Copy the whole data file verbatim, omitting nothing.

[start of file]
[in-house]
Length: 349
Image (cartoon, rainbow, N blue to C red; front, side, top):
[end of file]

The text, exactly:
[in-house]
Length: 349
Image (cartoon, rainbow, N blue to C red; front, side, top):